Janet Halfmann grew up on a crop and dairy farm in central Michigan. She remembers playing with newborn kittens in the haymow, picking and eating corn straight from the field, picking wildflowers in the woodlot, and piling into the pickup after supper to go to the back forty to see how much the corn and soybeans had grown. Nature dictated the successes and failures of her life, and she learned to appreciate and respect it.
Today, nature is an inspiration to Halfmann in her books for children. As the author of a long list of nonfiction picture books, she has written about a variety of topics, including alligators, polar bears, dolphins, pelicans, hermit crabs, and plants. “My dad loved the land and the animals,” says Halfmann. “I think his love for nature and living things rubbed off on me.”
After Halfmann married and had children, she considered writing for children. Like most writers, she took some classes in children’s literature and creative writing and sold her first magazine article, entitled “Burrowing with Earthworms,” to Ranger Rick. Once she tasted success, Halfmann hungered for a full-time writing job so she returned to school for a degree in journalism. As a journalist, she reported for a Kansas paper, became the managing editor for Country Kids, and an editor/writer for Golden Books. When Golden Books left Wisconsin, Halfmann lost her job and decided to pursue her original dream of writing for children.
Halfmann’s nonfiction book ideas come from a variety of places. Sometimes, she proposes an idea to a publisher. “In the case of Plant Tricksters, I proposed a series of six books called Nature’s Tricksters.” Halfmann’s idea featured various animals and plants, including one book called Plant Tricksters. “The publisher contracted me to do just the Plant Tricksters book as part of a plant series.”
In the case of her books by Soundprints, Halfmann says, “The publisher gives me an animal and I come up with the story.” Relying primarily on books and Internet articles by scientists who watch nature and record detailed observations, Halfmann does a tremendous amount of research for each of her nonfiction books. “I want to know in detail all about that animal—how it acts, where it lives, how it defends itself. I also try to incorporate the sounds the animal makes to make the story more realistic.” Halfmann’s nonfiction stories usually zoom in on one particular aspect of the animal that she thinks will interest children. “In Safe in a Shell: The Story of the Land Hermit Crab, I focus on the crab getting too big for its shell, and finding the perfect shell being used as a decoration on a child’s sand castle.”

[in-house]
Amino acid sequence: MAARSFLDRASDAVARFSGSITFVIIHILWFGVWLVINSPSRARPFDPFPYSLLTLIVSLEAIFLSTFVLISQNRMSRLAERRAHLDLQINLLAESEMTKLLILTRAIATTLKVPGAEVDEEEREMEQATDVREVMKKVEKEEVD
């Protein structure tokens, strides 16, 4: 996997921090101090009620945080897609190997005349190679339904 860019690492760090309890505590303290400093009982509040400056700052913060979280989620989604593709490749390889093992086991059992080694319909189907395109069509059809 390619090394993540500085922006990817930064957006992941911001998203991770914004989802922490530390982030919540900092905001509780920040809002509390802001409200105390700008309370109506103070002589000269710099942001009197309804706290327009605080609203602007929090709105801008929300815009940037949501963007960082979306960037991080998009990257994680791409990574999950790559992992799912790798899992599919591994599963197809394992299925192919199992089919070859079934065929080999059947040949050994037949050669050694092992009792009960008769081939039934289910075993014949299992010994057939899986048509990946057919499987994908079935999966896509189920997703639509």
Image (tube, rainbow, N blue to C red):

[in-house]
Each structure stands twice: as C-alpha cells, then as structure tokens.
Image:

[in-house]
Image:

Halfmann’s first fiction title, Little Skink’s Tail (Sylvan Dell Publishing, 2007), grew out the research she did for a nonfiction book on lizards. “I was fascinated by young skinks who often have bright blue tails that they snap off to escape an enemy,” says Halfmann. “The tail keeps wriggling to distract the enemy while the skink escapes.” But the real shocker for Halfmann was the fact that the skink’s tail grows back. “Right away, I knew that this little skink with the twitching blue tail had a story to tell,” she says. As with so many fictional stories, snippets of ideas come from unusual places, and Little Skink’s story was no exception. Halfmann’s four grandchildren unwittingly gave her an idea during a game of dress-up. “Little Skink soon began pretending, trying on the tails of all the animals in the forest,” says Halfmann. “As I wrote, I pictured my granddaughter dancing about, showing off each tail.”
Halfmann writes from her Wisconsin home. “I work about ten hours every day,” she says, “but many of those hours aren’t spent writing.” The business of writing—researching new markets and new story ideas, promoting herself and her work, and submitting manuscripts are all necessary part of a writing career, but do not involve producing new material.
Halfmann’s upcoming work will continue her new-found interest in fiction. Sunflower Princess and Bewitching the Chickadees, soon to be released by Windstorm Creative, carry on Halfmann’s life-long love of nature. The books will feature illustrations by her daughter, Laura Halfmann. “In my books, I try to convey the wonder and excitement I feel about the person, or animal, or place that I’m writing about,” says Halfmann. “I hope my readers sense that wonder and excitement and experience it, too.”